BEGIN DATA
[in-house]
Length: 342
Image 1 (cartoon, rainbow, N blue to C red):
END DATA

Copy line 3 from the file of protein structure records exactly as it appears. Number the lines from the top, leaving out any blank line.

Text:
Image 1 (cartoon, rainbow, N blue to C red):